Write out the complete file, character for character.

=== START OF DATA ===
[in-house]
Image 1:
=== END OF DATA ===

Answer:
[in-house]
Image 1: